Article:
Plans for what will be Detroit’s newest park call for plenty of trees and gardens, walkways and reflection pools, even a kayak launch. In all, the plans appear serene and peaceful, a respite from the surrounding industrialization, though the event that the park is intended to commemorate was anything but: one of the bloodier confrontations in Detroit labor history and one of the triggers for the unionization of the auto industry.
Images via MotorCities National Heritage Area, Walter P. Reuther Library.
The organizers of the 1932 Ford Hunger March, by many reports, didn’t intend for their demonstration to erupt in violence. Instead, unemployed auto workers – many of them laid off from Ford’s massive River Rouge plant at a time when unemployment insurance and welfare were nonexistent or scarce – wanted to communicate their plight to Henry Ford himself, figuring that in exchange for making millions off their labor he should take care of his workers.
By March of 1932, worker frustrations mounted in Detroit. Hunger Marches in other cities had brought the issue of unemployment to public consciousness and the Detroit Unemployed Council, an arm of the Communist Party of the United States, decided to organize a Hunger March on River Rouge to ultimately present to Henry Ford a list of 14 demands. Among those demands: two 15-minute rest periods, seven-hour work days, no more work speedups, the abolition of the Harry Bennett-led Service Department and its staff of thugs, the end of racial discrimination at Ford, and the right to organize.
The march would take place on March 7. Estimates placed the crowd’s size at 3,000 to 5,000 people, bolstered by men laid off from Ford that morning, according to some reports. After a plea from march leader Albert Goetz to remain nonviolent, the marchers headed east from the Oakwood Heights neighborhood, across the Fort Street bridge, and then north along the Rouge River toward the Dearborn city limits. There they met a contingent of Dearborn police who then fired tear gas into the crowd when the marchers refused to turn around.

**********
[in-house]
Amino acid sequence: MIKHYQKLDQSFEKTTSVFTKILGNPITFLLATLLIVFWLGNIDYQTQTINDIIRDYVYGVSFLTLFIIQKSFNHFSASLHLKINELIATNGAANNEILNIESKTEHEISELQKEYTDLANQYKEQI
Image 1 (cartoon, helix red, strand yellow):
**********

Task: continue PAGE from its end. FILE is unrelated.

Demonstrators prior to the Hunger March. Photo courtesy Walter P. Reuther Library.
In response, the marchers picked up rocks from a nearby field and began throwing them at the police as they continued to advance toward the Ford plant. They made it as far as an overpass by the plant’s entrance before the Dearborn Fire Department turned its hoses on the crowd. Dearborn police, along with Ford’s police department and Bennett, began shooting into the crowd, killing four men and wounding dozens more.
The marchers retreated, but five days later – after attempts by both sides of the conflict to commandeer the narrative of the conflict in the press – the organizers of the march staged a funeral procession for the four who died (a fifth died from his injuries three months afterward) that attracted anywhere from 25,000 to 60,000 people.
Demonstrators at the funeral procession. Photo courtesy Walter P. Reuther Library.
While the 1932 Ford Hunger March didn’t directly lead to auto industry unionization, the killings – and the subsequent funeral procession – received national press coverage and helped to change attitudes about organized labor during the Depression, the latter a factor in the 1932 election of Franklin D. Roosevelt, whose New Deal policies made unionization easier. GM and Chrysler eventually recognized the United Auto Workers in 1937, but Ford – bolstered by Bennett’s union-busting violence – held out until 1941.
The concept of a commemoration to the Hunger March in the Fort Street Bridge Park came from the recent replacement of the bridge itself, which had a historic site plaque mounted to it. According to Brian Yopp, director of programs and operations for the MotorCities National Heritage Area, the plaque referenced events that happened on the old bridge, so without that bridge in existence, the historical marker had to be decommissioned.
“There’s not a lot of recognition for the Hunger March here in Detroit because of its implications and because it’s hard to figure out who holds the ball for it,” Yopp said. “Even though it predates them, the UAW local have been the ones to carry the banner for the march. And on the flip side, Ford doesn’t want to look at it as a celebratory event.”
Ford has, however, showed some support for the project, mostly by storing materials from the deconstructed Fort Street Bridge, Yopp said.
The Fort Street Bridge Park, a project of the Fort-Rouge Gateway Partnership and MotorCities National Heritage Area, aims to transform a block of urban residential land on the west side of the Rouge River, at the base of the newly renovated Fort Street Bridge, into “an experiential green gateway” with interpretive signage on the Hunger March and meeting spaces similar to those that helped launch the march.
Construction of the first phase of the park, which is contingent on the success of a $10,000 fundraising campaign, is scheduled to take place next summer.